P.S. Btw, your own fire is of a piece with your name, which breaks down phonetically as Elisha. This was the name of a major prophet. Its meaning is: salvation is of the Most High. Your billion-dollar education awaits.

          1. The word ‘secular’ was stronger that i wanted, but the closest to my intention. I didn’t mean not to speak the word and its dprelation to everyday issues, rather, I meant delving directly into the belly of the ethnic and political issues as opposed to indirectly via the word. I.e. alot of ‘africans’ are literally, willfully ignorant of these issues and are sometimes willing (albeit briefly) to understand, but when confronted with towering leagues of solid info…the “playstation effect” takes over (no attention span) i.e. in between… clout dem grassroots supporters of the pnm over their heads. However, i respect and acknowledge that you must have your reasons and own plan.

            Throw a bone if you can…

  7. TMAN makes Joseph Goebbels look like an amateur. What you see in his verbatim presentation, is the Hindutava replica of Goebbels propaganda against European Jews as a prelude to justifying any actions taken against them.

    The opening paragraph that went, In 2010, Kamla Persad-Bissessar, who is of Indian and Hindu descent, became Trinidad and Tobago’s first female Prime Minister. She heads the People’s Partnership (PP), a five-party coalition that came to power in May 2010 after defeating Patrick Manning and the People’s National Movement (PNM). In the 2010 elections, the People’s Partnership won 29 seats and the PNM 12. During the PNM regime Trinidad and Tobago experienced high rates of crime and public corruption, captures the intent, the purpose, the rational and the target.

    Over the years, I have devoted my time and contributions to dissecting the propaganda of TMAN and Mamoo. They represent the post 70s right wing strategy of portraying themselves as victims of racism. We Africans allowed ourselves to be guilt tripped into silence by these narratives from people who come from a thousand years old history of cultural and religious beliefs steeped in racial discrimination and the stratification of humans based on their color and hair texture. We concentrate too much on positioning anti black racism at the feet of white people when right within our midst exist a blend of racism that is as odious as anything we have experienced as a people.

    Here is a little piece of unsung history. In the period leading up to emancipation the slave the British slave holders and colonial administrators had already begun to consider who they bring to replace Africans on the plantation. They had no intention of compensating Africans with fair wages for the work they ould be required to do, but also feared the new social environment with an African majority that were no longer under the physical and psychological control.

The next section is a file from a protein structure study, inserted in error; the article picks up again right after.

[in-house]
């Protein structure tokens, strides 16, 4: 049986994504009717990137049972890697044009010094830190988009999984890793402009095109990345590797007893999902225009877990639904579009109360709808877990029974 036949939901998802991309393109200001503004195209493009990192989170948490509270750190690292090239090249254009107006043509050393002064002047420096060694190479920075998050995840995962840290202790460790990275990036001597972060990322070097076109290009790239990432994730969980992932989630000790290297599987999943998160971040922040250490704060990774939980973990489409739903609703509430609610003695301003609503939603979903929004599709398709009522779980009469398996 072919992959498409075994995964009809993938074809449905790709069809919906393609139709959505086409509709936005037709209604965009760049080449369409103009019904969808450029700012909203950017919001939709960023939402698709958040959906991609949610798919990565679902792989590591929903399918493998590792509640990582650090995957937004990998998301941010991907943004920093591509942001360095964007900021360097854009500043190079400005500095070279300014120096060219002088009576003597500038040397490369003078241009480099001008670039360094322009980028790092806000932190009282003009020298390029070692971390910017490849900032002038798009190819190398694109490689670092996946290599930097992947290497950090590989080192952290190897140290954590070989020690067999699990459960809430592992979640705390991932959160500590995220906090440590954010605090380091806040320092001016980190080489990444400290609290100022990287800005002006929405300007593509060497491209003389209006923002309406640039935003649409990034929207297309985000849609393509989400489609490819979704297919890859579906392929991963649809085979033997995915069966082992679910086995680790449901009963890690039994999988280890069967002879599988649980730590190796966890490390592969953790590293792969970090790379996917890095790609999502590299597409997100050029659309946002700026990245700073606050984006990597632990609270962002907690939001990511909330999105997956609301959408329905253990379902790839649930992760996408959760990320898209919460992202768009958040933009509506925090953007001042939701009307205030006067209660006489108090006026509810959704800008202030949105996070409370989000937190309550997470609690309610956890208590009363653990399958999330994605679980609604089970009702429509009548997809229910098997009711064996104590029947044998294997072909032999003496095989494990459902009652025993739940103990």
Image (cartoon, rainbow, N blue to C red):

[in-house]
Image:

For the British, the most important aspect in the selecting of who to bring to replace Africans on the plantations, was to ensure that whoever was brought would have a similar view of Africans, of black people, as they had. They did not wish to have any group joining with Africans to seize control of the territories. So they had to select group that would be more likely to join with them, than to join with black people. What the sought, was a commonality of shared anti-black hatred, and only in one group in this world could they find such people.

    So when you read this missive posted by TMAN, and use it to get into the mind of the person who posted it, what you see is what the British saw. It is that mind set that they envisioned in selecting who they would bring as indentured servants. Believe me, it will never change. It is locked in. It would be easier to pass a camel through the eye of a needle, than to get the TMAN and his ilk to shed the thousand year cultural and religious baggage upon which their racist views are founded.

    1. I challenge anyone to refute the statistics or facts reported in this post.
      The numbers and figures were not pulled out of a hat . They are on record.

  8. Alyssa:

    Re direct vs indirect secular contribution…

    One way or another we all have to teach each other. We certainly have much to learn from each other. I’m glad for all the regular contributors to this blogs, all of whom with their contributions have made the blog as good as it is. (Nod of appreciation to the anonymous Moderator also; whatever he is doing it seems to be working well.) But we all can only contribute what we know, or what the Holy Spirit allows. So I do my best.

    I take note of what you suggest, but I suspect I may be too much of an old dog already to learn new tricks. It’s a little bit like our steelband arrangers; each one has his/her distinctive style, and even if they tried to change it, I suspect it’s an impossible task, as the “muse” will come through regardless… sometimes for better, sometimes for worse.

    I look forward to your contributions. I hope you will remain a regular. Speaking of which I wonder what happened to Linda Edwards, Karibkween and some other old regulars who just for some reason disappeared. And it looks like Neal has again gone AWOL…


Comments are closed.